For legal scholarship, SSRN has obviously been more important than blawgs, though I suspect for law students, blawgs have loomed larger as a window into the legal academy.  Without a doubt, though, Cyberspace came into its own as a force in legal education--through SSRN and blawgs especially--during the last decade.

The proliferation of VAPS and Fellowships has had a significant impact on the job market for new law teachers--their success, and increasing importance, is no doubt connected, in significant part, to the triumph of the interdisciplinary model of legal scholarship.  Whether economic developments will permit law schools to sustain this new system remains to be seen.

And, finally, there is U.S. News, which probably has become more pernicious in its influence during the last decade, as we have had occasion to note.  Until journalists stop treating the U.S. News rankings as news, or until more publications and evaluators enter the market for comparative evaluations, U.S. News will continue to be the tail that wags much of the legal education dog.  Alas.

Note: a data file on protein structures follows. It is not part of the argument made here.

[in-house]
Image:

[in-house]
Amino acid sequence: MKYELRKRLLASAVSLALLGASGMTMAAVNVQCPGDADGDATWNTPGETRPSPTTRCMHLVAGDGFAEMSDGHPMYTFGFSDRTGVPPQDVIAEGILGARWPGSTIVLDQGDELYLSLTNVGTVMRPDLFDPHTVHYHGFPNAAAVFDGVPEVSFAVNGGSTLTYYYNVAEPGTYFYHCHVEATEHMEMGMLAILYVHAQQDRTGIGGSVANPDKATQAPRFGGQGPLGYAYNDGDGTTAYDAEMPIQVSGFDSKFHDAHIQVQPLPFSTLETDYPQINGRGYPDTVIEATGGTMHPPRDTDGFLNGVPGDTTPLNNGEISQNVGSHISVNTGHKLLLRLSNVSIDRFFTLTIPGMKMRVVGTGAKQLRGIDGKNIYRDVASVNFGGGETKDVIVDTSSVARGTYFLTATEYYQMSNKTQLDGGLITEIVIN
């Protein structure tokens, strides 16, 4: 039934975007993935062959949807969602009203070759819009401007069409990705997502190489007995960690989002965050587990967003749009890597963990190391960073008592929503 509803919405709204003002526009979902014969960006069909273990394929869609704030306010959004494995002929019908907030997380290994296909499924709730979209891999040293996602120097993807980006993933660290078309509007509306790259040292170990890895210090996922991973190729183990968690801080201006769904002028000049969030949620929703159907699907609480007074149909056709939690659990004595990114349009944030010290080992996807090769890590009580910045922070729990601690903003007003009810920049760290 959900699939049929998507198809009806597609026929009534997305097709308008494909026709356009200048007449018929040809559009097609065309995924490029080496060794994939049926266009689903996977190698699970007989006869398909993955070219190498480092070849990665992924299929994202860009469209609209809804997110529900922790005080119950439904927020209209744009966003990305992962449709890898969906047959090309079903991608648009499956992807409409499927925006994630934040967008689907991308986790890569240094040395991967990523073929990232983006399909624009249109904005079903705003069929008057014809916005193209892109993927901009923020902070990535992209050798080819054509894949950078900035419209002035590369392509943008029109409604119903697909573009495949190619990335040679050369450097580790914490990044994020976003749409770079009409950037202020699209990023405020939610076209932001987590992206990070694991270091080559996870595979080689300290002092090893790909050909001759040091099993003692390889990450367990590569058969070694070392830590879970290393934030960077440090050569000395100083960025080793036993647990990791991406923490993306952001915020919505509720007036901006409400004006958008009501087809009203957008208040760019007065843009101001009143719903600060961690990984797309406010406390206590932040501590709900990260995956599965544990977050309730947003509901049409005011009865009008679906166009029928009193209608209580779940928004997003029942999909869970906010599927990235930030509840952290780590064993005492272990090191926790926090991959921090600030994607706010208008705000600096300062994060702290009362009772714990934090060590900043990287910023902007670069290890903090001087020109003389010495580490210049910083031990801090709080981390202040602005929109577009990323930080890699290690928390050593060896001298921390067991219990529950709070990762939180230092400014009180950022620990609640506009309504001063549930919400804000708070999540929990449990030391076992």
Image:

Signed comments from readers are welcome.  Full name and valid e-mail address required.

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I generally agree with your assessment of the results, but wonder whether the poll was skewed by (a) combining substantive trends re. fields of study/methodology with non-substantive developments (e.g., USNWR, VAPs, etc.), and (b) possible confusion regarding whether "legal academy" meant that academic-only trends should be preferred.

Otherwise, even discounting for recency, it's remarkable to me that the economic downturn placed tenth -- suggesting rosy views re. the transience of economic downturns (and the relative permanence of recent academic trends -- or, as I said, a narrow reading of the question), or a decoupling of professorial and student concerns. Hope the former!

Posted by: Edward Swaine | Dec 18, 2009 7:14:20 AM